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The importance of our forests and those that are knowledgeable in this area should not be under estimated. Forests, like all other natural resources, need to be managed efficiently and sustainably. The challenge is to create systems that are socially accepted, yet have minimal impact on other resources. Public perception of forest management is often controversial and where there is growing concern over the perceived mismanagement of the forests there are also conflicting demands for forestlands. As well as the practical skills behind forestry as a science, there are also other elements of critical and analytical thinking that will be critical in a career in forestry.

Topics you may cover

  • Forest Biology: botany of plants and the biology of New Zealand specific indigenous forest species
  • Soil Fertility: examining soil properties; soil formation and soil in NZ landscapes; soil chemical and physical properties which are important to sustainable land use and environmental protection.
  • Plantation Silviculture: looking at species selection, and growing and tending to trees and forests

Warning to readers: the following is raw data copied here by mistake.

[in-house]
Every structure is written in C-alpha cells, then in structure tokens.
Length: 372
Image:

• Forest Management: the decision making process around Forestry and what levels of research and types of information are required to make educated decisions. Involves soft skills as well including leadership, communication, motivation, teamwork and problem solving.

While Forestry can be studied as a Science, it also has an element of Engineering which requires students to solve engineering problems in the natural environment, with a focus on balancing financial, societal and environmental requirements. As a Forest Engineer you would construct and evaluate the operational systems that make the forest industry work including roading, equipment, harvest operations, transport logistics and supervising employees.